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Monarch caterpillar found to switch from avoiding milkweed-toxin-rich latex to eating it as they age

Monarch caterpillar found to switch from avoiding milkweed-toxin-rich latex to eating it as they age
Sabotaging behavior and latex drinking by caterpillars of the monarch butterfly (D. plexippus) and the common crow (E. core). Caterpillars were raised either singly (monarchs) or in pairs of two (Euploea) on individual plants until pupation on A. syriaca or on (b) A. curassavica. Observed feeding behavior was categorized into trenching (c1–3; i.e., cutting a series of minor leaf veins on the leaf blade, resulting in a trench), vein cutting (d1–3; i.e., cutting a single major leaf vein or the petiole) or no sabotaging behavior (i.e., direct feeding on the leaf without signs of trenching or vein cutting (e,f) Caterpillar behavior after artificial latex feeding: (e) E. core spitting out latex immediately; (f) D. plexippus drinking latex. Credit: Proceedings of the Royal Society B: Biological Sciences (2024). DOI: 10.1098/rspb.2023.2721

A trio of German entomologists has found that young monarch caterpillars switch from avoiding milkweed-toxin-rich latex to eating it as they get older. Their paper is published in the journal Proceedings of the Royal Society B.

Prior research has shown that have developed a way to eat milkweed leaves despite their rich load of toxin-rich latex. They bite a vein and then wait for the milky substance to drain out of the leaf, and then dig in. But there is much more to the story as the researchers in this new study learned.

Monarch butterflies lay their eggs on milkweed leaves. Three to five days later, the hatch into caterpillars, which grow and molt several times before generating a chrysalis in which they metamorphose into a butterfly. For this new study, the researchers watched the caterpillars grow from the time they hatched until they formed their chrysalis and found that after the caterpillars grew to a certain size, they stopped avoiding the milky goo and began to consume it.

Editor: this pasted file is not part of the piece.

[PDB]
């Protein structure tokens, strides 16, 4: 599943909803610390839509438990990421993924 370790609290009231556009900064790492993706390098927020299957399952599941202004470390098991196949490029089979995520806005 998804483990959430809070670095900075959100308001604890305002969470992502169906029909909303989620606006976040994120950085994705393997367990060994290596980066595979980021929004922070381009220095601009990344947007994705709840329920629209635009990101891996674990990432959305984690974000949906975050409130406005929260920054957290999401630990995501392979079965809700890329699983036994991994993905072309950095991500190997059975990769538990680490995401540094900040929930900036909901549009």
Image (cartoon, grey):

Latex drinking over larval stages of D. plexippus on detached A. syriaca leaves from Late instar monarch caterpillars sabotage milkweed to acquire toxins, not to disarm plant defense. Credit: Proceedings of the Royal Society B: Biological Sciences (2024). DOI: 10.1098/rspb.2023.2721

Surprised by the discovery, the researchers wanted to find out it if was completely intentional. They fed some of the caterpillars small doses of toxin-rich directly from a pipette and found that they were just as eager to consume the material. They describe it as like watching a cat lap up milk.

Prior research has shown that some of the materials in milkweed are toxins called cardenolides—when consumed by some animals, they destroy an in their gut that is responsible for balancing sodium and potassium levels—without the enzyme, the animal typically dies. But the older caterpillars, the research team found, were able to convert the cardenolides into less toxic forms. And that allowed the caterpillars to hold the toxins in their bodies, helping to fend off predators.

More information: Anja Betz et al, Late-instar monarch caterpillars sabotage milkweed to acquire toxins, not to disarm plant defence, Proceedings of the Royal Society B: Biological Sciences (2024). DOI: 10.1098/rspb.2023.2721

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Citation: Monarch caterpillar found to switch from avoiding milkweed-toxin-rich latex to eating it as they age (2024, March 11) retrieved 20 May 2024 from https://phys.org/news/2024-03-monarch-caterpillar-milkweed-toxin-rich.html
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